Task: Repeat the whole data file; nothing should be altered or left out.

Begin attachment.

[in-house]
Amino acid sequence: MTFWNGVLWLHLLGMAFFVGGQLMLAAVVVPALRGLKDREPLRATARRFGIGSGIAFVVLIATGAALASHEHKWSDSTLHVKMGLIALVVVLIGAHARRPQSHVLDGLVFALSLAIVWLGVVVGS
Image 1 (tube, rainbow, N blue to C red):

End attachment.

[in-house]
Amino acid sequence: MTFWNGVLWLHLLGMAFFVGGQLMLAAVVVPALRGLKDREPLRATARRFGIGSGIAFVVLIATGAALASHEHKWSDSTLHVKMGLIALVVVLIGAHARRPQSHVLDGLVFALSLAIVWLGVVVGS
Image 1 (tube, rainbow, N blue to C red):